Dresden Coin Quilt Snips Tutorial

Missouri Star Quilt Company

Dresden Coin Quilt Snips Tutorial

Quilt Size: 76" x 80"
Time: 7 Minutes
This short clip is the simplest way to create a fun quilt using your Dresden Template and a pack of 10" Squares!
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video transcript

Hi I’m Jenny from the Missouri Star Quilt Company.  Let’s take a look at this darling quilt behind me.  Isn’t this fun?  This is a take on a “Coin’s Quilt.” Now somebody asked a while ago why they call them “Coin’s Quilts,” and the only thing I could come up with is you know when you stack coins in a stack, it’s all these different little sliver colors of fabric and it, it just makes it a really awesome look.  But this one we did a little differently.  This one we used the Dresden ruler so that our pieces, you know give it that little bit of wonky look.  Little bit of movement and a little bit of fun.  

So to make this quilt you’re going to need the Dresden ruler, right here and our Dresden ruler actually fits the entire layer cake.  So it goes from top to bottom.  So it’s going to make it really easy for you.  We also used a layer cake and the layer cake we used on this one is called “Pastel Pops,” and it’s from Michael Miller.  It’s and the color is this citron grey.  It’s just beautiful fabric and so we used a little more than one layer cake on this quilt.  

We used a yard and a quarter for the sashing and the first border of the white and these sashing pieces we’re three inches wide.  The first border is a two inch piece and we used a yard for that.  The outer border is a five inch piece and we used a yard and a quarter for that again or a yard and a half, I’m sorry.  Yard and a half for that outer border.  And it makes about a seventy by eighty quilt.  So this a pretty good size quilt.  It is so quick and easy.  So let me show you how to do this.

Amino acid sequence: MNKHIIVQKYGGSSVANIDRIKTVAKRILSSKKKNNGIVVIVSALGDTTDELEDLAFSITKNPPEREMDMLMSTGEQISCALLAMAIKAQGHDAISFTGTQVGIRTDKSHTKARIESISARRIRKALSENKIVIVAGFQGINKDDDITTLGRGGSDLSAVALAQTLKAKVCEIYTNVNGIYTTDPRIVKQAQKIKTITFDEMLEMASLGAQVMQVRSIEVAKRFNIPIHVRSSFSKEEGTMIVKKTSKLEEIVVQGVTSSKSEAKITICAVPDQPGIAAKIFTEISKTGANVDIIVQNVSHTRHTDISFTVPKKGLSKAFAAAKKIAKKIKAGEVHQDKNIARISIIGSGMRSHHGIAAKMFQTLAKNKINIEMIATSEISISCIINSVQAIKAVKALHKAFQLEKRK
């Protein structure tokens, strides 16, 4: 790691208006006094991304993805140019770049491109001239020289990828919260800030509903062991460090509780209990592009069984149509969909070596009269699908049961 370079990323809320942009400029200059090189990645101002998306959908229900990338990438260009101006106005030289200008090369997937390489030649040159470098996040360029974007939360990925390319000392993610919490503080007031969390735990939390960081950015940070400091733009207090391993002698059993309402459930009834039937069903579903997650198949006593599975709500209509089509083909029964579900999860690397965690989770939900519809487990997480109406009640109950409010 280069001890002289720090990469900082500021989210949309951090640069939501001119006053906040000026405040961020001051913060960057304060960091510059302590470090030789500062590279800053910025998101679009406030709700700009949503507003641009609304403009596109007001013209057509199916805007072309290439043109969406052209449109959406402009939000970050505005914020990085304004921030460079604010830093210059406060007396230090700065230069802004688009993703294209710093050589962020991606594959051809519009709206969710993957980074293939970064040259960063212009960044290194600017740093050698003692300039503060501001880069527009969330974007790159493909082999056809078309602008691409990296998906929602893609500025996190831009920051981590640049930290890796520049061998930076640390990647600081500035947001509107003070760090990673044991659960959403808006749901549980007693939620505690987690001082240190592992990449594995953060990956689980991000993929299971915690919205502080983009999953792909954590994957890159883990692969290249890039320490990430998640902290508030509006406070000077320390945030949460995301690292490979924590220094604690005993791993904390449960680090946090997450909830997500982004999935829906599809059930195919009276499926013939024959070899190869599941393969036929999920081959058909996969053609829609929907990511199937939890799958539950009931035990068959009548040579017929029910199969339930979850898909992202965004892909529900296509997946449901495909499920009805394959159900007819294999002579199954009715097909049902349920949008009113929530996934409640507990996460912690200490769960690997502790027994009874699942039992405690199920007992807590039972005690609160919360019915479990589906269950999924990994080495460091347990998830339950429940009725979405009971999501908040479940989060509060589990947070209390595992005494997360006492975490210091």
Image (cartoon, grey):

Now out of each layer cake square you’re going to get about three of these cuts.  You’re going to line up your Dresden and we are just going to make some of those cuts and show you how to do this.  The first cut your just cutting off this edge over here and then you have this Dresden cut and then you’re just going to flip your ruler upside down like this.  So then you’re always cutting from the same side and you’re just going to flip your ruler over like this and we have this little bit of pieces left over.  And you get three out of them.  Now you can actually stack these up a few two or three and cut them at the same time so you get lots of cuts at once and that, that, that will speed up the process.

So then what you’re going to do when you put these together is you’re going to put them the fat end to the short side and the short to the fat.  You know opposites like this.  So it will make one straight column when going up.  So when we put these together and lay them on top of each other like this, we’re going to see, we’re going to see where they match up just almost exactly.  So we’re going to line this up right here and you can see this edge right here.  They’re going to come, they should come just a barely little peak of fabric sticking out.  It’s real easy to line up and sew.